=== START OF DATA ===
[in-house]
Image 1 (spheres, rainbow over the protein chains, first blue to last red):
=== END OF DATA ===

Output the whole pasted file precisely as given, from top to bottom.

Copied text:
[in-house]
Image 1 (spheres, rainbow over the protein chains, first blue to last red):